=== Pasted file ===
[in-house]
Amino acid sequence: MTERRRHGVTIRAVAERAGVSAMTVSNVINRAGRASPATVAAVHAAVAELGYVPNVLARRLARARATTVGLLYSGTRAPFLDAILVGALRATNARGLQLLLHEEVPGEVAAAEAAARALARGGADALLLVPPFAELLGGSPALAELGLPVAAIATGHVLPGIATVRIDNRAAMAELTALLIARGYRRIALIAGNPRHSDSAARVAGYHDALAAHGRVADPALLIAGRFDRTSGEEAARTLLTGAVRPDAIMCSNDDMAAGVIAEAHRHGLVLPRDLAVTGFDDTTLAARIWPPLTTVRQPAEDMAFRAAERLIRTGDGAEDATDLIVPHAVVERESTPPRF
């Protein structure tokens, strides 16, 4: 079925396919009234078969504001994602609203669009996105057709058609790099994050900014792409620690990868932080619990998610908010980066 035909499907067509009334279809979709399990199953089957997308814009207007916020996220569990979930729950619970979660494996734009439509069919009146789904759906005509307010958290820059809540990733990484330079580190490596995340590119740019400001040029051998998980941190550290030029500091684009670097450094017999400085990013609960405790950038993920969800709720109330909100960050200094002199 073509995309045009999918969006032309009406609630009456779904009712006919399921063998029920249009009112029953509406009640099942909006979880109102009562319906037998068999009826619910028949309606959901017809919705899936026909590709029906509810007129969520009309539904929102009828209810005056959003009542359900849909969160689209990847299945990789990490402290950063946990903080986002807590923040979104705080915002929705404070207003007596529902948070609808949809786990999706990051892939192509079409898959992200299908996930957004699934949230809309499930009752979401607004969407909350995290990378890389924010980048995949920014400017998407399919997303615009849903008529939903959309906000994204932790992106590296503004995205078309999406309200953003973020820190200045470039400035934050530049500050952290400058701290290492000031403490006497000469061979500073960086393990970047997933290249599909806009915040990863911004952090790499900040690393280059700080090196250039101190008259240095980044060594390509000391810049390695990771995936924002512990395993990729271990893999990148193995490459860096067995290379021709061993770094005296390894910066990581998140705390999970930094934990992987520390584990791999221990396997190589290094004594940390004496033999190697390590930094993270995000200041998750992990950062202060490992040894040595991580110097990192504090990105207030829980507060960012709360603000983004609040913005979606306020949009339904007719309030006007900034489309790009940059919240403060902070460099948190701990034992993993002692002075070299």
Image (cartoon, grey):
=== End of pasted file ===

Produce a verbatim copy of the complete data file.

[in-house]
Amino acid sequence: MTERRRHGVTIRAVAERAGVSAMTVSNVINRAGRASPATVAAVHAAVAELGYVPNVLARRLARARATTVGLLYSGTRAPFLDAILVGALRATNARGLQLLLHEEVPGEVAAAEAAARALARGGADALLLVPPFAELLGGSPALAELGLPVAAIATGHVLPGIATVRIDNRAAMAELTALLIARGYRRIALIAGNPRHSDSAARVAGYHDALAAHGRVADPALLIAGRFDRTSGEEAARTLLTGAVRPDAIMCSNDDMAAGVIAEAHRHGLVLPRDLAVTGFDDTTLAARIWPPLTTVRQPAEDMAFRAAERLIRTGDGAEDATDLIVPHAVVERESTPPRF
């Protein structure tokens, strides 16, 4: 079925396919009234078969504001994602609203669009996105057709058609790099994050900014792409620690990868932080619990998610908010980066 035909499907067509009334279809979709399990199953089957997308814009207007916020996220569990979930729950619970979660494996734009439509069919009146789904759906005509307010958290820059809540990733990484330079580190490596995340590119740019400001040029051998998980941190550290030029500091684009670097450094017999400085990013609960405790950038993920969800709720109330909100960050200094002199 073509995309045009999918969006032309009406609630009456779904009712006919399921063998029920249009009112029953509406009640099942909006979880109102009562319906037998068999009826619910028949309606959901017809919705899936026909590709029906509810007129969520009309539904929102009828209810005056959003009542359900849909969160689209990847299945990789990490402290950063946990903080986002807590923040979104705080915002929705404070207003007596529902948070609808949809786990999706990051892939192509079409898959992200299908996930957004699934949230809309499930009752979401607004969407909350995290990378890389924010980048995949920014400017998407399919997303615009849903008529939903959309906000994204932790992106590296503004995205078309999406309200953003973020820190200045470039400035934050530049500050952290400058701290290492000031403490006497000469061979500073960086393990970047997933290249599909806009915040990863911004952090790499900040690393280059700080090196250039101190008259240095980044060594390509000391810049390695990771995936924002512990395993990729271990893999990148193995490459860096067995290379021709061993770094005296390894910066990581998140705390999970930094934990992987520390584990791999221990396997190589290094004594940390004496033999190697390590930094993270995000200041998750992990950062202060490992040894040595991580110097990192504090990105207030829980507060960012709360603000983004609040913005979606306020949009339904007719309030006007900034489309790009940059919240403060902070460099948190701990034992993993002692002075070299």
Image (cartoon, grey):